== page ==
The 2023 NHL Draft introduced us to a fresh crop of young talent who are already making waves in the league. Leading the way is #1 pick Connor Bedard, whose debut created history, while players like Leo Carlsson and Adam Fantilli have shown glimpses of their potential. However, some draftees are facing early challenges, and others are biding their time overseas. Let's take a closer look at the remarkable journeys of these first-round picks and the paths that lie ahead.
#1 Connor Bedard
Connor Bedard’s NHL career is off to a hot start. The 18-year-old center was the spotlight of the NHL’s opening night, with his debut game gathering almost 1.5 million views, making it the most-viewed hockey game in ESPN history.
Bedard’s first game could not have gone any better. Not only did the Chicago Blackhawks pull off a 4-2 win over the Pittsburgh Penguins, but Bedard got to face off against his childhood idol, Sidney Crosby, and recorded his first NHL point. The next night, the Blackhawks traveled to Boston to take on the Bruins, and Bedard solidified his presence in the league by scoring a wraparound goal early in the first period.
Bedard undoubtedly has extreme talent and is a phenomenal player to watch, but Chicago head coach Luke Richardson says the forward will have to “learn to lighten up a bit” in order to succeed in the NHL. Coming from a season in the Canadian Hockey League (CHL) where he recorded 143 points in 57 games, it is understandable that Bedard is frustrated as he adjusts to not scoring every night in the NHL. However, with the help of veteran linemates Taylor Hall and Ryan Donato, Bedard should find his groove soon.
#2 Leo Carlsson
Coming into the draft, Leo Carlsson was ranked as the number-one international skater by many scouting reports. While some fans were skeptical when the Anaheim Ducks selected Carlsson over Adam Fantilli, Carlsoon is still a very talented player. One of his most notable skills is that he is an excellent playmaker. He has top-notch spatial awareness and knows his passing options before he even receives the puck, meaning he can quickly make plays.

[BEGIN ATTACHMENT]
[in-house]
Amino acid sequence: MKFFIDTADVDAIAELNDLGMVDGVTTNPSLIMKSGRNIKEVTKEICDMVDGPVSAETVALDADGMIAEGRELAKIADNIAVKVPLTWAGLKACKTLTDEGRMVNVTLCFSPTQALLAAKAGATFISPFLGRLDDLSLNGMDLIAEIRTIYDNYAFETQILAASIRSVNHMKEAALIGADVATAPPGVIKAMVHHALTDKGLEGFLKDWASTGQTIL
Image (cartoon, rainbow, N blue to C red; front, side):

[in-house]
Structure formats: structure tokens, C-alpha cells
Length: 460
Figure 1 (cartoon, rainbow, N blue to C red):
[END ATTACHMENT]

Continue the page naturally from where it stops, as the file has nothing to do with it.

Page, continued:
Unfortunately, Carlsson had to be helped off the ice after receiving a lower-body injury at Ducks’ practice in early October. The Swedish-born skater will miss Anaheim’s opening night but is expected to draw back into the lineup within the next week.
Although Carlsson’s time as a Duck has been short, his teammates have been surprised by his stickhandling abilities and the “finesse” he has, considering his large stature.
#3 Adam Fantilli
As if making your NHL debut is not special enough, this year’s third-overall pick, Adam Fanitlli, managed to play his first game on his 19th birthday. To make the day even sweeter, the Columbus Blue Jackets forward woke up to a text from Wayne Gretzky welcoming him to the league.
Fantilli was arguably the most complete skater at this year’s draft. He had a standout season at Michigan last year, where he led the NCAA with 65 points in 36 games, averaging 1.81 points per game. His impressive performance in the NCAA led him to win many awards, including the Tim Taylor National Rookie of the Year award and the Hobey Baker Award, which is given annually to the best player in college hockey.